using the avidin biotin method. The primary antibody for
FOXL2 used in this study was polyclonal FOXL2-antiserum
(1:200; Imgenex, San Diego, CA, USA). For calretinin and
inhibin the primary antibodies used were monoclonal
anticalretinin (RTU, Spring Biosciences, CA, USA) and
monoclonal anti-inhibin (1:50; Spring biosciences, CA,
USA) respectively. Serial dilutions of antibody were tested
to avoid background staining and to find optimal staining
before the entire series was processed. Sections from normal
ovary with graffian follicles were used as positive control.
For negative controls, primary antibody was replaced by
The slides were examined at 40x magnification. Positive
reaction was characterized by cytoplasmic (inhibin),
nuclear and cytoplasmic (calretinin), nuclear (FOXL2)
staining showing variable intensities with the distribution
of staining approximated for variable intensity levels. The
presence of any nuclear staining of FOXL2, regardless of
intensity or focality, was considered to be positive.
Sensitivity, specificity, negative predictive value, and
positive predictive value for inhibin, calretinin and
FOXL2 were determined taking histopathology as the gold
standard. Ten cases each of malignant surface epithelial tumors and germ cell tumors were included in this study
to determine the specificity of antibodies for SCST. The
exact binomial method (Clopper-Pearson) was applied
to calculate the confidence interval of diagnostic indices.
SPSS version 17-statistic software was used for data analysis
Comparison of Immunostaining for FOXL2, Inhibin
Immunostaining for FOXL2, inhibin and calretinin were
compared on the basis of staining intensity and percentage
positivity in all the cases. The staining intensity was graded
as -weak (1+), moderate (2+), strong (3+). The percentage
of tumor cells labeled by FOXL2, inhibin and calretinin
were semiquantitatively scored as <5% (negative), 5-25%
(1+), 26-50 % (2+), 51-75% (3+), >75% (4+).
Inhibin was positive in the majority of the SCST i.e. 28/31
and only 3 cases had no cytoplasmic staining (Table I
Of all negatively stained tumors, two were granulosa cell
tumors which included a cystic granulosa cell tumor and the
other was a granulosa cell tumor with postchemotherapy
changes (bizarre cells), and the remaining case was a SCST
of uncertain histogenesis (Figure 1A-D
) (Table I
Click Here to Zoom
|Figure 1: Granulosa cell tumor: A) H&E staining section (H&E; x400) B) Cytoplasmic positivity for inhibin (Inhibin; x400) C) Nuclear
and cytoplasmic positivity for calretinin (Calretinin; x400). D) Nuclear positivity for FOXL2 (FOXL2; x400).
Click Here to Zoom
|Table I: Inhibin, calretinin and FOXL2 immunoanalysis for sex cord stromal tumors.
Taking H&E stained sections as the gold standard, the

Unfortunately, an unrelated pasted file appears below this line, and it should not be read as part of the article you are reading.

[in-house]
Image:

sensitivity of inhibin was 90.3% and the specificity was
100% for SCST. The positive predictive value for inhibin in
our study was 100% and the negative predictive value was
Calretinin was found to be positive in 29/31 SCST
with variable intensities and was negative in 2 cases of
SCST including 1 case of fibrothecoma and the other of
fibrosarcoma (Table I). Both the above stated cases were
also found to be negative, when the percentage positivity
of all the 31 cases was seen. The remaining 29/31 cases
had variable staining intensities ranging from 1(+) to 4(+)
The sensitivity of calretinin in this study was 93.5% while
the specificity was 100%. The negative predictive value
of calretinin for this study was 90.9% and the positive
predictive value was 100%. H&E stained sections were
taken as the gold standard for the analysis. (Figure 1A-D)
Thirty-one cases of SCST were stained using a polyclonal
antibody against FOXL2, which is a nuclear protein. Ten
cases each of surface epithelial and germ cell tumors were also stained with FOXL2. All negative controls as well as
surface epithelial and germ cell tumors were negative.
Positive control had a nuclear pattern of staining in the
granulosa cells of normal ovary (Figure 1A-D).
FOXL2 was positive with variable staining intensities
and percentage positivity in all the cases included in this study. While 16/31 SCST had mild intensity of staining,
6/31 had strong staining intensity and 9/31 had moderate
intensity of staining. Tumors, which were strongly
positive included 4/17 adult granulosa cell tumors and
1/7 fibrothecomas. One tumor which was signed out as
poorly differentiated tumor possibly granulosa cell tumor and was positive for inhibin and calretinin also had strong
intensity of staining with FOXL2 (Figure 2A,B). Tumors
showing moderate intensity of staining included 4/17 adult
granulosa cell tumor, 2/7 cases of fibrothecoma, 1/1 of
fibrosarcoma and 1/2 Setoli-Leydig cell tumor. 1/1 SCST
of uncertain histogenesis included in this study was also